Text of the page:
With FireEye installed in your internet egress, inspecting both Mail and Web content, you significantly reduce the risk of malware infection and subsequent Data Breach by phishing emails or drive by downloads.



References:


Dell Secureworks: Managed FireEye - Advanced Malware Protection Service
Gartner: Best-Practices-for-Mitigating-Advanced-Persistent-Threats CISCO: Advanced Malware Protection
DarkReading: FireEye Releases Comprehensive Analysis of 2013 Zero-day Attacks; Impact on Security Models 
RSA: The Malware Factory and Massive Morphing Malware 
http://www.symantec.com/theme.jsp?themeid=apt-infographic-1
Email Security (FireEye EX Series)
FireEye: Cybersecurity's Maginot Line A real World Assessment
FireEye: Advanced Threat Report 2013
FireEye: Multi-Vector Virtual Execution (MVX) engine 
http://newsroNSS Labs Ranks Cisco Advanced Malware Protection Among Top Breach Detection Systemsom.cisco.com/press-release-content?articleId=1403242
Paloalto: Advanced Persistent Threats
OWASP: Defense_in_depth
NSA: Defence in Depth
Government of Canada: Mitigation Guidelines for Advanced Persistent Threats
Lockheed Martin: Kill Chain Analysis
RSA: Adversary ROI: Evaluating Security from the Threat Actor’s Perspective
 http://www.fireeye.com/blog/technical/malware-research/2014/06/turing-test-in-reverse-new-sandbox-evasion-techniques-seek-human-interaction.html
http://www.csoonline.com/article/2134037/strategic-planning-erm/the-practicality-of-the-cyber-kill-chain-approach-to-security.html
Digital Bread Crumbs: Seven Clues To Identifying Who’s Behind Advanced Cyber Attacks
Microsoft: The evolution of malware and the threat landscape. – a 10-year review 
Kaspersky: MALWARE EVOLUTION. THE TOP SECURITY STORIES OF 2013 
McAfee Identified an Astounding 200 New Malware Samples Per Minute in 2013 
Paloalto: The Modern Malware Review 


Wednesday, 11 June 2014

What if Target had followed a Zero Trust model?

Yes, I agree that I'm late to the table on yet another Target Breach Blog, but I want to throw a twist on the story..   

A fantastic "WHAT IF?"

I want to transport you momentarily, to a utopian world where Large Corporations understand that firewalls and segmentation do not provide complete security anymore (probably never did), and that to truly protect your Infrastructure, Applications, and Customer Data, you need to do so at the host!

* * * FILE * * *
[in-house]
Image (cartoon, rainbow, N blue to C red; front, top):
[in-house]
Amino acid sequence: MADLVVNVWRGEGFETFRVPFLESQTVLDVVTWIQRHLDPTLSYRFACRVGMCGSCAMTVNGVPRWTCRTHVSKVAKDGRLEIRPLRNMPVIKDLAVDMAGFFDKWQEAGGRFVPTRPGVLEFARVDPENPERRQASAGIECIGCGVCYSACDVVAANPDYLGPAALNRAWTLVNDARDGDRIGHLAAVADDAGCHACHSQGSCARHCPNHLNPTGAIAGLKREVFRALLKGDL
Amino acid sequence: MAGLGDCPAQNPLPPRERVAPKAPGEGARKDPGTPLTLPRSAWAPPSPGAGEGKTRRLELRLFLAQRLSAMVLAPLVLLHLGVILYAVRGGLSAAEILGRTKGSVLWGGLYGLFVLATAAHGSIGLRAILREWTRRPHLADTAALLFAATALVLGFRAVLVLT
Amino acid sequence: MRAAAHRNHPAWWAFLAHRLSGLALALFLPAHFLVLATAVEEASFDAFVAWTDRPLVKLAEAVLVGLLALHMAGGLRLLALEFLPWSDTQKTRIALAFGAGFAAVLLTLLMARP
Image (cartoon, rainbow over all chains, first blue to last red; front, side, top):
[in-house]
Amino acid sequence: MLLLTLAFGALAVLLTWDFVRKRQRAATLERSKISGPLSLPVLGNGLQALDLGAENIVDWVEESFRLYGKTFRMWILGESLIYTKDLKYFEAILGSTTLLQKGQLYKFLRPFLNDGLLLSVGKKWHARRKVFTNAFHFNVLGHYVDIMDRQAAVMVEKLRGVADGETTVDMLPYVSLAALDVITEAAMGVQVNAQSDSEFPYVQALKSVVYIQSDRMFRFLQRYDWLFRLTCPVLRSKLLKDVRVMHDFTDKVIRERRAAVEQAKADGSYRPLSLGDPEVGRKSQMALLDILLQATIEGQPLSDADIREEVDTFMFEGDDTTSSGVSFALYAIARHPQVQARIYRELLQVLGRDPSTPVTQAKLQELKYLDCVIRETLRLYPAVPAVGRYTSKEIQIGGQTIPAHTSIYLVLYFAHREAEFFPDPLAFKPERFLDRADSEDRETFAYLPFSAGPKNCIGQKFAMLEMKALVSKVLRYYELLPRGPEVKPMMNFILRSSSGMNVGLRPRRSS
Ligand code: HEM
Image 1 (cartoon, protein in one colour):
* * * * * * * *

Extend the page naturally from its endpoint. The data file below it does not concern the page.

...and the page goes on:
First, lets spend a minute reviewing what we know... 

Brian Krebs, of Krebs On Security has meticulously documented and unraveled the timeline and events that led up to the actual Breach.   I will not reiterate all the gory details here, but will refer to his findings along this journey...

Of specific note:   As of this date (June 13rd, 2014)  We still do not *know* for certain how the attackers got into Target's internal network, nor how they escalated privileges to install their malware. 

Krebs, Dell SecureWorks, and Malcovery have collected strong evidence to support a hypothesis. We do not need to fully understand the mechanics of the breach to conjecture a remediation strategy for those who have not identified their breaches as of yet.


In a nutshell, the attackers launched a phishing attack some time in October 2013, and managed to compromise one of Targets vendors.  The credentials for this vendor most likely gave the attackers access to Target's Online Billing system.    Coupled with a large amount of publicly available documentation intended to assist vendors in accessing the system, the attackers were able to capture enough detail of the Target network and Active Directory Infrastructure to launch a SQL injection attack.  It is believed that they used this SQL injection attack to install tools used in the remainder of their exercise.  

From the Dell SecureWorks documentation:

They were able to install three different sets of malware to enact their scheme:  First, they added a variant of a previously known   Point Of Sale memory Scraper.  This application would monitor the active processes memory on the Embedded Windows POS endpoints, and capture anything resembling Credit Card information.  The application would then periodically ftp that information to another server that was compromised through a privilege escalation in Active Directory.  Yet another compromised system would pick the data from that ftp service, and deliver it to several external ftp sites.